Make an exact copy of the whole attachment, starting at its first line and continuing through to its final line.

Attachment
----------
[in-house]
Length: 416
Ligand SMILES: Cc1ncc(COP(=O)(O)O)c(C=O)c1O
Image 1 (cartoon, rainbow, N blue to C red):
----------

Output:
[in-house]
Length: 416
Ligand SMILES: Cc1ncc(COP(=O)(O)O)c(C=O)c1O
Image 1 (cartoon, rainbow, N blue to C red):